*know*they can pick up the concepts to tackle virtually any mathematical problem. This feeling of confidence is a wonderful one to have. Needless to say, advanced mathematics is useful in more fields than just engineering, and confident mathematicians are an asset in any such field. Finance is a case in point.

**Systems thinking**. An important part of problem-solving deals with isolating the relevant parts of a system from the irrelevant ones and considering only the relevant subset, which makes the problem much simpler and more tractable. The judgement required to draw an appropriate "system boundary" around some entities, such that interactions across the system boundary are reduced to a very simple set, goes a long way towards making a problem solvable. Systems thinking can be applied to anything from biology to geopolitics.

**Mathematical modelling**. This is related to both systems thinking and raw mathematical ability but is not quite the same thing. Systems thinking deals with isolation and with interfaces. Mathematical modelling deals with describing in precise quantitative terms how an entity behaves, and the entity in question could have been isolated in a previous step through an appropriate system boundary. By the "behaviour" of the entity, we refer to the quantifiable outputs that result from equally quantifiable inputs. Mathematical ability is then used to actually solve the relevant equations, but modelling describes the problem in the first place. Mathematical modelling is a general-purpose skill that can be applied to any field of study requiring quantitative answers, not just engineering.

**Logical reasoning**. Problems cannot be solved with sloppy reasoning. There may be more than one way to arrive at a solution to a given problem, but all of them need to obey a system of logic and to be justifiable. Logical thinking should be a universal skill, but unfortunately isn't.

I can't speak for all engineering colleges, but an IIT education provides exactly this set of skills. No question paper at IIT would ask a student to describe in words how an induction motor starts or how it functions. It would more likely contain a simplified diagram of such a motor with the relevant dimensions marked. Some values of parameters would be supplied, and the student would be asked to calculate the torque developed by the motor, or some such thing. Unless the student understands the concepts behind how the motor works, they will be unable to construct the mathematical model that represents the motor. Unless they have the math skills to solve the equations that comprise that model, they will be unable to arrive at the required answer. And of course, without systems thinking and logical reasoning, they will be unable to even tell if they are on the right track. If they can't do all of the above, they score a zero. The system is therefore ruthless, but effective in teaching engineers how to think.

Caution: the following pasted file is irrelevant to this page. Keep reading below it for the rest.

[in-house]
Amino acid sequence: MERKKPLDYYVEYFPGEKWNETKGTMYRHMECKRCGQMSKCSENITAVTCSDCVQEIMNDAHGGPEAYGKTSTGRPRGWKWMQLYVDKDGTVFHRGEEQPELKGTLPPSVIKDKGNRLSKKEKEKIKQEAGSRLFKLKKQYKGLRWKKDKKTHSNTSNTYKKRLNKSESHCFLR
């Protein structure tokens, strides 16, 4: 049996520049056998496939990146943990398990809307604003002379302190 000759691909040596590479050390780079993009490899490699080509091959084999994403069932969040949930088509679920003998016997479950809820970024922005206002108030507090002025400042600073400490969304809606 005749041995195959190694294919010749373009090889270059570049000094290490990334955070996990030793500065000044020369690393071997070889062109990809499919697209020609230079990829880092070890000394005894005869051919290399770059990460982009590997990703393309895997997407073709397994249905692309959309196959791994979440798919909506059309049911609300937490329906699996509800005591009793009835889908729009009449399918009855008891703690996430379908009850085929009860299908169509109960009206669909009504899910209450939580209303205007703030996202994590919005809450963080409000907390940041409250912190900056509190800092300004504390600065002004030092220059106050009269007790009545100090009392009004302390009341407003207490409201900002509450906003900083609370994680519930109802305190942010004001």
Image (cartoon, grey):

A student of engineering who has been through four years of rigorous training in this kind of thinking can be a very valuable knowledge worker indeed. I would go so far as to say that it would be a waste of human capital for such a person to seek employment as an entry-level engineer. I think that for every engineering job available, the world needs to produce at least seven engineering graduates. One of them will fill the engineering job. The rest will take their skills to other professions that are equally hungry for them.

I graduated as a Civil Engineer but have never laid a brick in my life. Yet the years I spent studying engineering at IIT have profoundly influenced my thinking. Indeed, I owe what I am to this education. I hope the understanding that engineering (as a generic set of skills) is more than just engineering (as a profession) will help to convert some of the angst I see into a sense of acceptance and even satisfaction.

I graduated as a Civil Engineer but have never laid a brick in my life. Yet the years I spent studying engineering at IIT have profoundly influenced my thinking. Indeed, I owe what I am to this education. I hope the understanding that engineering (as a generic set of skills) is more than just engineering (as a profession) will help to convert some of the angst I see into a sense of acceptance and even satisfaction.